I was delighted to discover this week that joining me in celebrating more than 20 years of continuous service at one company is John Carrafiell.
While I have no immediate plans to leave this magazine, rumours are starting to circulate in the upper echelons of the property market that Carrafiell might be leaving Morgan Stanley, where he is currently joint global head, with Sonny Kalsi, of real estate investing.
Some senior people are suggesting Carrafiell might be in line to take over as chief executive of British Land, the most prestigious job on offer in the UK property market.
The rumours appear to have begun because, after 20 years, a senior Morgan Stanley employee’s stock options and carried interests fully vest. So Carrafiell no longer has any financial reason to stay at the bank. While he could stay at the bank in his present role, or perhaps in a different one, the prospect of starting afresh to enjoy probably the best buying opportunity ever in the UK property market could prove enticing.
If he does decide to leave, he will have no shortage of job offers or equity backers after a stellar 20-year career at the bank. He joined Morgan Stanley’s New York office in 1987, moved to the London office in 1989 and initiated the Morgan Stanley Real Estate Funds’ European investment programme in 1994 as director of acquisitions for Europe. He became head of the European real estate group in 1995.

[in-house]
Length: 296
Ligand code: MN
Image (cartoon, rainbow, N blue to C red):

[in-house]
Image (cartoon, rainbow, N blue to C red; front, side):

Nine years later came the pinnacle of his career when, after an 11-month battle, he succeeded as head of the bank’s consortium in taking over Canary Wharf Group. At £1.7bn, the deal was the biggest in UK property history.
His reward was to become global co-head of Morgan Stanley Real Estate before an overhaul at the start of 2007 led to him being made global co-head of real estate investing – one of the real estate group’s three divisions alongside investment banking and lending.
While Morgan Stanley will undoubtedly have suffered in the downturn from deals made at the height of the market, it is waiting in the wings with billions of cash to take advantage of the distress. In the summer of 2007 it completed fundraising for the world’s largest-ever property fund – MSREF VI International raised $8bn (£5.4bn) of equity – and in April this year it raised an additional $2.5bn (£1.7bn) of equity for its Special Situations Fund III. This latter fund makes non-controlling investments in property companies in emerging, developed and distressed markets around the world.
The 20-year point of Carrafiell’s Morgan Stanley career has come at an opportune time. Whether he stays or leaves, he will be able to take advantage of an extraordinary buying opportunity, probably starting in the middle of next year.
James Whitmore is deputy editor of Property Week